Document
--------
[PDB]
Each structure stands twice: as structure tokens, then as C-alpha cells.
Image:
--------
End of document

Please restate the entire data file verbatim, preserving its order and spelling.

[PDB]
Each structure stands twice: as structure tokens, then as C-alpha cells.
Image: